Five Common website Design Disasters to Avoid
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Ugly Baby

Image from Eric Martin

Last weekend I was invited to speak on a panel critiquing B2B marketers’ websites for a session called, Your Baby is Ugly with Eric Martin and Stacy Williams.

Since the conference was for marketing people, I was a little worried no one would volunteer their sites for review or, that if they did, we wouldn’t have much advice for them since one would hope marketers would have great home pages.  But, as the saying goes, “The shoemaker’s children has no shoes.”

This was validated, when surprisingly, we found plenty to critique.

5 common home page disasters to avoid on your website:

1. Slow loading websites are deadly. We evaluated a design company’s website that took so long to load that it actually had a little countdown doodad to entertain us while we waited. These days, a site should load right away or else you risk losing a lot of traffic because people aren’t going to wait around.

If your site loads slow, do an evaluation and fix what’s slowing it down or get a better performing hosting service. You can do an evaluation of your page speed by visiting Google’s Page Speed Insights.

2. Carousels and sliders are problematic.  First of all, sliders can contribute to slow page loads. Second, they can be ineffective as people will not wait around to view all of the messages on your slides. It is much better to put your most important message in your hero area and keep it there. If you have hidden what you do in a series of slides, then your website is a Fail.  Whatever information is needed front and center for someone to know they are in the right place, should be there and stay there.

However, if you can maintain adequate load times, sliders can be used as an effective way to set a mood. The airbandb site uses them well. The airbandb message, “Welcome Home, Rent unique places to stay from local hosts in 190 countries,” stays in place while their images (actually multiple videos) change behind the message, tempting us with lovely places to dream about visiting.

Airbandb is a great example of a website with a clear message and call to action, all without overwhelming or confusing the end user.

3. Bells and whistles at the expense of clarity and ease of use. It is very tempting for some people to get carried away with edgy and snazzy web designs. Be very, very careful with this double edged sword. We know you want to be cool, but. . . you will lose your visitors if you have a busy, crazy acting page. We just want the info and it pisses us off when we can’t find it in all the moving, shaking and doodads on your site. You really don’t have to try so hard.

4. Unclear Messaging. The first order of business on a website homepage is to tell people what you do and who you do it for. You will lose your visitors if they have to ponder whether they are in the right place. I was amazed that many of these B2B marketing sites failed to get that most basic message across, right up front.  Some of them eventually got to it way on down the page; but again, don’t make people think or hunt for what should be very straight forward. Get a few people outside of your inner circle to review your website, and ask them to look it over, and tell you what they think you do.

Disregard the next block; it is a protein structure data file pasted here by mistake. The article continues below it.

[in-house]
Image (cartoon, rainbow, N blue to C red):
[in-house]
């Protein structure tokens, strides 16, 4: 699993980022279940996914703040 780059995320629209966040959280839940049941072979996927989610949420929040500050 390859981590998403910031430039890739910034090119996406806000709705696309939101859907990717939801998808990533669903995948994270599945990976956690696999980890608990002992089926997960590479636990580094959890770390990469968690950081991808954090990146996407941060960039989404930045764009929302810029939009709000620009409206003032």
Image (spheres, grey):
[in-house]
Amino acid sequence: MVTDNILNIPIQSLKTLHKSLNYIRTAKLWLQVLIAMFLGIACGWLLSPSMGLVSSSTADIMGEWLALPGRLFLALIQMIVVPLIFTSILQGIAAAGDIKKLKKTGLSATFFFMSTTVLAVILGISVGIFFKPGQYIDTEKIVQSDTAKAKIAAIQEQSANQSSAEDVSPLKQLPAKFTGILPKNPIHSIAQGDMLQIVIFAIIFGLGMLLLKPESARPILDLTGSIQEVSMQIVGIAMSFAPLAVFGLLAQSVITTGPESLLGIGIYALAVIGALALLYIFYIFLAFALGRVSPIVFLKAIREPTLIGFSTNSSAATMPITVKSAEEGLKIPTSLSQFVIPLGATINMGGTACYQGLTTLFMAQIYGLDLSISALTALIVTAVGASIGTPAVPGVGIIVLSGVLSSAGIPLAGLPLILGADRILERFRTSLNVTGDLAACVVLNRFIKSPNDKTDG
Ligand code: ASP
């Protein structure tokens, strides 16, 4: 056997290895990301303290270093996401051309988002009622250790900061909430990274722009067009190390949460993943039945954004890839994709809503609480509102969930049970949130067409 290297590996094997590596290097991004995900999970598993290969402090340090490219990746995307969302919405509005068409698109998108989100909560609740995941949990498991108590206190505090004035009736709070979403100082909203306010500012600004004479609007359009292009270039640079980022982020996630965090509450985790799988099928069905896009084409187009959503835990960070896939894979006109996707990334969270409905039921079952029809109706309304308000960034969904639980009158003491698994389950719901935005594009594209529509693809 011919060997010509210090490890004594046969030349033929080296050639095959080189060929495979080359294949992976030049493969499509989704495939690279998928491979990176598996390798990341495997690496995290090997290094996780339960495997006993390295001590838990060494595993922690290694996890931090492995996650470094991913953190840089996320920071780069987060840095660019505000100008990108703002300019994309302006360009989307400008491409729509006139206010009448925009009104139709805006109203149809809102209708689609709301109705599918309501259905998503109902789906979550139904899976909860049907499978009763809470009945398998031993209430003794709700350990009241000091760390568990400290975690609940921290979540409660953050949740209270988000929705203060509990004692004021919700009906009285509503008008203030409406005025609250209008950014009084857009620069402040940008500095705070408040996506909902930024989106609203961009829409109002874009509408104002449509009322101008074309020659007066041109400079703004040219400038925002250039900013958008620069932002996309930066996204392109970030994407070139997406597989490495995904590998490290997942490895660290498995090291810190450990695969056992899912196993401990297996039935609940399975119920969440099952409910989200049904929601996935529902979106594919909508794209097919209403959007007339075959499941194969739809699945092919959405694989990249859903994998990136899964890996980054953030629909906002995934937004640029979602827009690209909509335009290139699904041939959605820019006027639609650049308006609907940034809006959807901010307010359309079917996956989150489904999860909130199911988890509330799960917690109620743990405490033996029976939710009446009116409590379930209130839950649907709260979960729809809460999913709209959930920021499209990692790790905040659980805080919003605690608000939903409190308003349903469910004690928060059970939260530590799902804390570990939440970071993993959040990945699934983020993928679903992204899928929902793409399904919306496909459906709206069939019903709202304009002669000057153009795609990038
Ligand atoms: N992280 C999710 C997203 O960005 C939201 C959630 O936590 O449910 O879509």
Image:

5. Using stock photos of people can make you look like a fake. Not all stock images are bad. We use them all the time, but. . . be very, very careful. A law firm site I looked at recently showed an image of a group of young professionals on their home page. But, when you went to the about page you saw the real deal, bad headshots of three old, white guys. It felt like bait and switch. The importance of authenticity can not be overstated.

There were a few sites that used lots of images of the same good looking guy all down the long home page. This was a bit of pandering to gratuitous sex appeal since the images only made the page way too long and lent nothing to the message except to try and say they were cool.

One of our client’s, the Freelance forum, uses images of people well. They have a slider with a couple of messages but, the images of the people work for them. At first, we used stock images of people and that worked fine. But since they are a group comprised of freelancers, including photographers, they decided to shoot their own photos using actual members of their organization, and we replaced the stock images. There was no significant difference in the look and feel and the stock images had actually worked well.  But it is a point of pride for the organization that they used their actual members.Frrelance Formum

A common theme we live by here at New Tricks is that simpler is usually better. When your message is all over the place or you try too hard, with a flashy design, people may just pass you by.  Create a home page that clearly speaks to your audience, reflects your authenticity with content, that shows rather than tells about your expertise, and you will see your website attract more visitors and convert them to clients.

What is your pet peeve?  Chime in.

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